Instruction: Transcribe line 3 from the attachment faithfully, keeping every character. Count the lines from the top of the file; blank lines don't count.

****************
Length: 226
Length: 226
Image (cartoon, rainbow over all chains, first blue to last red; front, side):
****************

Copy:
Image (cartoon, rainbow over all chains, first blue to last red; front, side):